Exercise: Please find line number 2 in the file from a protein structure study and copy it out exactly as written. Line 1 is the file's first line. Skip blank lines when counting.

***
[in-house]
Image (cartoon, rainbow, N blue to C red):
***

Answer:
Image (cartoon, rainbow, N blue to C red):